Muir might have encountered in his life. More of a hiking guide than a rumination, it was still highly enjoyable — featuring a breathless description of, well, everything, down to the most minute details. And in those details, he found infinity. On Yosemite Falls which the drought had shut off when we visited: After being flung down the canyon wall on top of an avalanche: This was a fine experience. He must sing, though the heavens fall. When writing about the glaciers, he said this about South Dome: The Yosemite is Muir at his finest. As a spiritual man, John Muir saw the glory and greatness of the natural wonders around him through a lens of awe, wonderment, and appreciation of every detail that he conveys in all of his writings.

His clear prose takes the reader back to the time when he was exploring Yosemite himself and allows you to experience the park as he saw it with his own eyes. Originally written as a guidebook to the part and a means to convince readers nationwide to make the pilgr The Yosemite is Muir at his finest.

Originally written as a guidebook to the part and a means to convince readers nationwide to make the pilgrimage to nature's wonderland, "The Yosemite" contains great practical information on the geography, flora, and fauna of the park. Muir's meticulous studies hold up to the rigors of science even today, creating a timeless characterization of the details of Yosemite. His guides for hiking and exploring can still be followed and still offer the sublime views he recommends.

Yet what makes this book stand out is not the scientific description of the park but rather Muir's own experiences and his narratives of exploring the park on his own. With the crowds and visitors today it is sometimes hard to experience the same sense of awe and wonderment from the Valley floor that Muir so cherished, but his writing is so clear and transcendent that you feel as though you are standing with Muir seeing Yosemite through his eyes.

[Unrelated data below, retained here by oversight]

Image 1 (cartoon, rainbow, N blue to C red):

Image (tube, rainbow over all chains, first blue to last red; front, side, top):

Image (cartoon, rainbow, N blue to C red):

He conveys clearly his sense of excitement and awe at the park from both a naturalist and spiritual perspective. This is clearest in the first and last sections of the book, providing a wonderful emotional bookend to the scientific descriptions in the middle. Yet even in the scientific narratives, Muir interlaces stories of his own experiences that allow the reader to go back to the late s and see these natural wonders alongside Muir.

The spiritual perspective and clear description of the park is a must-read for any visitor and anyone interested in nature and one of our nation's greatest national parks. Few to none have yet written more clearly, passionately, and so universally meaningfully as has Muir, and few likely ever will. I had to learn that in other ways. But nature gave the word glory meaning for me. Lewis Yosemite is my favorite wilderness in the world, the place where I first experienced God's majesty in creation, so when I found this little paperback at a thrift store for fifty cents I was pretty thrilled.

Part naturalist's field guide, part tourist's hand book, part environmental activist's treatise, part autobiographic "Nature never taught me that there exists a God of glory and of infinite majesty. Muir paints his word-pictures with such masterful strokes that I constantly found myself closing my eyes and digging for memories of my time in Yosemite that matched his for beauty. Sometimes he gets overly descriptive to the point that the reading becomes tedious, but other times his short adventure episodes leave you on the edge of your seat waiting for him to get washed over the lip of a waterfall or buried in an avalanche.